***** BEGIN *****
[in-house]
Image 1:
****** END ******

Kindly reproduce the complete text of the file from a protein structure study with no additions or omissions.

[in-house]
Image 1: